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(Reuters) — Massachusetts can move forward with a lawsuit accusing credit reporting firm Equifax Inc. of failing to safeguard its databases or provide prompt notice of a breach that exposed the personal data of 147 million people, a state court judge has ruled.
Suffolk County Superior Court Judge Kenneth Salinger in Boston, in a decision made public on Wednesday, denied a motion by Equifax to dismiss a lawsuit Massachusetts Attorney General Maura Healey filed after the breach was disclosed in September.
Judge Salinger wrote that the lawsuit stated a plausible claim that Equifax breached its legal duties to address all reasonably foreseeable risks to its data security and to implement reasonably up-to-date fixes to its software.
The lawsuit alleged that Equifax knew or should have known by March 2017 that a serious security vulnerability existed in computer code that the company used in its systems but failed to patch or upgrade its software to eliminate it.
As a result, hackers were able to access its databases and steal personal information, the lawsuit alleged.
"These allegations state a viable claim for violation of the data security regulations," Judge Salinger wrote.
Equifax declined to comment.
The lawsuit is one of several legal challenges facing Equifax related to the data breach. It also faces class action lawsuits and investigations by the U.S. Federal Trade Commission and various state attorneys general.
The lawsuit that Attorney General Healey filed in September is the only one by a state attorney general to date. The lawsuit seeks penalties and restitution as well as an order requiring Equifax to disgorge any profits it obtained during the breach.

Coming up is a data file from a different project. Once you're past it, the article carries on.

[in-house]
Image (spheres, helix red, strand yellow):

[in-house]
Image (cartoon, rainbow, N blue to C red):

In a statement, Attorney General Healey, a Democrat, said her office was prepared to make its case in court to protect state residents and prevent future breaches.
"Today's order confirms that Equifax is not above the law and can be held accountable for violating the rights of Massachusetts consumers," she said.
Equifax in March said it expects costs related to its massive data breach to surge by $275 million this year, suggesting the incident could turn out to be the most costly hack in corporate history.
Equifax in court papers says that it is continuing to cooperate with the Federal Bureau of Investigation and other law enforcement agencies to investigate the breach and identify the hackers behind it.
(Reuters) — Equifax Inc. said on Friday it expects $275 million in costs in 2018 related to the credit reporting company’s massive data breach last year, offset by $75 million in insurance proceeds.